83 posts tagged "Orlando Pita"
“As you can see it’s kind of a raccoon eye,” makeup artist Tom Pecheux joked. “It’s very big and smoky.” To get the look, he applied a heavy dose of translucent powder to lids before coating them and the lower lash lines with a combination of two shadows—Estée Lauder Pure Color Eyeshadow in Ivy Envy (a forest green) and the “petrol blue” shade from a trio dubbed Camo Chrome—using a big, fluffy brush. The rest of the face was kept bare to keep the focus on the “lake” of color that wrapped around models’ eyes.
Hair pro Orlando Pita channeled the “multi-ethnic, indigenous tribes” that served as the designer’s inspiration via a strong center part. To translate the concept to the modern, urban woman, Pita began by boosting body—blowing it out after applying Phyto Phytovolume Actif Volumizing Spray and creating a wave from the ears down with the T3 BodyWaver iron. Next, he polished the top half using a mix of Glossing Cream and Strong Sculpting Gel. “Combining the two keeps it soft but still gives you the hold you want,” he explained before pulling strands back into a tight, low ponytail and wrapping the base with elastic. For a “bulbous” finish, he laced the tail with a Mason Pearson brush—a happy accident that occurred during the test. “My focus is never for people to try to do it at home—I could care less—but this is something one could attempt,” Pita noted of his creation. “You’re never going to get it to look as good as this, but that’s why we still have jobs.”
“It’s a story of my native land, Kazakhstan, and the main character is a femme fatale who is traveling through all the former Soviet republics on the Orient Express, picking up things along the way. She’s very chic, she’s looking for adventure, and of course she’s looking for love,” said designer Ulyana Sergeenko backstage before her show. “As usual, I can only tell a personal tale.”
Pat McGrath and Orlando Pita spun that backstory into dramatic looks that touched on the past, like thirties-inspired smoky shadow and finger waves—and expounded on a multicultural aesthetic via dramatic, winged eyes and folkloric braids coiled at the nape of the neck. Pita said of the shellacked look: “We’re using lots of strong gel—we ran out of the Kiehl’s already. We’re also using L’Oréal Professionnel Homme Strong Hold Gel to make sure the waves really shine and stay put.”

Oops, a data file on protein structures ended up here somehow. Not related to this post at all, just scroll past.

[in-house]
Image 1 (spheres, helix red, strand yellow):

Makeup artist Val Garland has worked with Giambattista Valli for many years now, so it’s safe to say she knows his girl by heart: “Dewy, expensive, quality skin, with rosy cheeks,” she noted. Even so, the designer proved he is not above throwing the occasional curveball. “This season, he told me he wanted a bit of drama,” Garland said. Enter the strong black line. “Gambattista’s woman is very Parisian—she’s a little bit cocky; she’s very sure of herself. She might wake up and not really care about how she looks because she has so much confidence,” Garland noted backstage before the show. In order to create a counterpoint to the designer’s soft, Monet-inspired clothing, Garland created a modern, graphic eye. “Instead of that couture fifties flick, we’ve made it a lot stronger and blockier,” she said. She worked using not one liner but two, starting with a black cream from MAC followed by a powder formula. “The first one is easy to apply, and the second gives it hold,” she explained. She finished with “lashings and lashings of mascara.” A barely there beige mouth courtesy of Lip Eraser rounded out the face and kept the emphasis on the eyes.
When it came to the tresses, Valli asked hair guru Orlando Pita to keep things straightforward and simple. “Giambattista said he wanted the hair to [appear] as though the girls had just run their fingers through it,” he explained. Pita blew hair dry with Schwarzkopf OSiS+ Volume spray, and brought texture to smooth strands with Dust It powder. Next, he curled a few sections in back before tousling them—ultimately securing the hair with several strategically placed pins and finishing the look with “not too much hair spray.” He said of the end result: “It’s supposed to look luxurious but not madame.”